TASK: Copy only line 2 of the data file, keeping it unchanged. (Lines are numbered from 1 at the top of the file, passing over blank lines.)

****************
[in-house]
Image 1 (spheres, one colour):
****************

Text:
Image 1 (spheres, one colour):